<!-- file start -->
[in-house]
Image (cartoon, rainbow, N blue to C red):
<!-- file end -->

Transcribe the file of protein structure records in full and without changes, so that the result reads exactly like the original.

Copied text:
[in-house]
Image (cartoon, rainbow, N blue to C red):